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Re: non-ASCII characters in /etc/locales.alias ?

At 16 Jan 2002 15:41:55 +0000,
Alastair McKinstry wrote:
> On Wed, 2002-01-16 at 14:54, David Starner wrote:
> > On Wed, Jan 16, 2002 at 01:48:46PM +0000, Alastair McKinstry wrote:
> > > 	bokmål		no_NO.ISO-8859-1
> > > 	français	fr_FR.ISO-8859-1
> > > 
> > > I think using non-ASCII characters in /etc/locales.alias is dodgy; it
> > > would break in non- ISO-8859-1 environments. 
> > 
> > Break how? They will be display weirdly in other single byte encodings
> > and not be usable in multi-byte encodings. But they shouldn't _break_
> > anything.
> > 
> See Wishlist Bug #86761
> The point is to offer only aliases for locales that are present
> (via locale -a) and aliases for all locales present (see Bug #8615).
> locales.alias (and locale -a) could then be used wherever a list of
> locale options are presented; eg. in gdm, rather than give a list of
> languages, for which support may or may not be present,
> locale-gen and localepurge and 'locale -a' could conspire to present the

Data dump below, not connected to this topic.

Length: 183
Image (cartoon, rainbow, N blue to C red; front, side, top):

> user a list of languages for which there is support, only. 
> However, if that language list comes from locales.alias, then it 
> (or its display) will be broken.
> At the least, 'locale -a' gives the user a list of locales they can
> use, some of which can't be sensibly displayed or might mojibake the
> display in the wrong multibyte locale.

It seems glibc bug or upstream author's specification.
IMHO, printing all aliases via `locale -a' is BUG.
It needs upstream confirmation (If no one consult, I shall do.).

Including the entry like
	français           fr_FR.ISO8859-1
is followed by XFree86 locale alias database file

But this file is tooooo obsolete and loosing reality. For example, 
X11's locale alias file contains (following HP-UX ?)
	japanese           ja_JP.SJIS
but Solaris 8 (/usr/openwin/lib/locale/locale.alias):
	japanese           ja_JP.EUC
Linux (/etc/locale.alias):
	japanese           ja_JP.eucJP
We japanese users want this field as ja_JP.eucJP.

I think X11's locale alias file should modify up to the current
environment, if it has been used (Is this file needed yet?).

-- gotom

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